For the people of the North East of Nigeria, life has been brutish, laborious and meaningless in the last 10 years as a result of insurgency. Boko Haram’s unrelenting onslaught on the region continues to complicate humanitarian crisis. Terrorists’ attacks have taken the lives of over 30,000 people mostly women and children, communities in Borno State still being ravaged, and over 2 million internally displaced people at IDP camps. Mangled limbs; destroyed schools and worship centres are still tell-tale manifestations of the level devastation unleashed on the North East region by terrorists.
The scourge of banditry in Zamfara, Sokoto, and the entire North West is also creating a new challenge of socio-economic dislocation. When fire outbreaks at sprawling markets like the one at Dugbe in Ibadan, Akesan in Oyo Town and apocalyptic floods afflicting communities across the country are thrown into the mix, the cycle of woes become more staggering. Dealing with these myriad of problems and providing succor to the victims of these disasters, in a manner that recognises their dignity and humanity, became the lot of effervescent Sadiya Umar Farouk.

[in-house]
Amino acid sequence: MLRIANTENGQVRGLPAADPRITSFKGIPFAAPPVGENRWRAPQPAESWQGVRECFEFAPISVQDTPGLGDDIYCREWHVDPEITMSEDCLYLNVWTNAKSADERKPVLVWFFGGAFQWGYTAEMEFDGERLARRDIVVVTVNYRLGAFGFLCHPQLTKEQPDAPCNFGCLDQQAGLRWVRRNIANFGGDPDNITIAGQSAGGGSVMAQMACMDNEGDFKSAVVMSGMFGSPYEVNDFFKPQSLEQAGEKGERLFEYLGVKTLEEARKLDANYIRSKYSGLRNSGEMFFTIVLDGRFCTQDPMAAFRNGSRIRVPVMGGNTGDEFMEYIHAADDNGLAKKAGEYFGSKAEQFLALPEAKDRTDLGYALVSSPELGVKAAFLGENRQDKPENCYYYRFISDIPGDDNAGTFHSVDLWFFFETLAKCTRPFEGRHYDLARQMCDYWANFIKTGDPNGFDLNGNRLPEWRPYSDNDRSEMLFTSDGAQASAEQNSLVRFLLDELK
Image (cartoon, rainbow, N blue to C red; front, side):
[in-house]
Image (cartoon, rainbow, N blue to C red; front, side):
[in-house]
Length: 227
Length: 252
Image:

To even understand and begin to proffer any impactful solution to the legion of humanitarian situations that beset our country requires sufficient brain power. Sadiya Umar Farouk is one of the women who came well prepared for high public office. Fortified with a degree in Business Administration from Ahmadu Bello University, Zaria and two Master’s Degrees from same University, the Minister is well endowed with the right aptitude to keep her own side of the bargain. In 2008, Umar Farouk bagged a Master’s degree in Business Administration. She followed it up with another Master’s degree in International Affairs and Diplomacy in 2011. It is good to add that the Minister combines brain power with the abundance of her physical attraction.
With a missionary zeal, Umar Farouk plunged herself to meet the demands of her office. Within a year in office, her Ministry has become a monument of refuge for the weary, broken-hearted and other afflicted Nigerians through timely interventions and material mobilization to those affected by one crisis or the other.